Summer is officially wrapping up, the kids are heading back to school again (or perhaps, for the first time), and everyone seems to be refreshed and in the mood to get things done.
What better time to learn more about money than right now! Here are a few things I found in August that ought to get you started:
The Ten Evils
On August 1st, Trent from The Simple Dollar began an excellent series on “The Ten Evils,” an idea that originated in a martial arts book. Trent devoted several posts to discussing these “character flaws,” as he describes them, and how they relate to personal finance. The various parts are:
- Part I: Insolence & Overconfidence
- Part II: Greed & Anger
- Part III: Fear & Doubt
- Part IV: Distrust & Hesitation
- Part V: Contempt & Conceit
This is an excellent series that drives at the heart of how we can improve our character and as a result, improve our relationship with money. I liked it so much that I nominated it for the best series of the year at the Plutus Awards site.
Understanding Your Health Insurance
Trying to explain to someone how their health insurance works is not always the easiest task in the world. A lot of people simply give up and pay whatever bill comes their way, regardless of its accuracy.
That’s why I was so delighted to see a thorough, but easy-to-understand explanation of how most health plans are designed to operate, courtesy of The Digerati Life. Read the 3 important tips for understanding health insurance details.
Courtesy of Get Rich Slowly, I found a gem from brip blap which aggregated 38 thoughts on building wealth. I’m a sucker for good lists (and never scoff at being reminded of the basics), so it was nice to see ideas like:
- Getting married and staying married is a good financial move.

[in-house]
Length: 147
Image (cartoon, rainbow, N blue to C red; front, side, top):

- You cannot spend too much on your health.
- Your first job out of school will set a pattern for your entire life – if you let it.
Parents and Secrets
#3: Someone is taking advantage of me, and
#9: Take my car keys!
Ever since The Holiday, I’ve been secretly dreaming about the home swap vacation we’ll take one day (when we actually have a house to swap). The folks at Money Crashers put together a very comprehensive guide to the pros and cons of home exchanges. Best highlights include:
The only cost associated with house swapping is the membership fee for the online listing service (which is essential to find someone to swap with). These fees are usually $100 or more per year…
People swap homes to stay in someone’s yacht, or even their RV so they can tour an area. You can often find unique lodging options…
Be sure to call your insurance company and check your coverage details and limits first. Also, confirm that these will apply to someone with whom you are exchanging homes. You may even want to increase your coverage limits…
And, just to close out with a funny, an extreme couponer was recently arrested for stealing 185 newspapers to get the coupon inserts, claiming she didn’t know it was a crime.
See you next week, folks.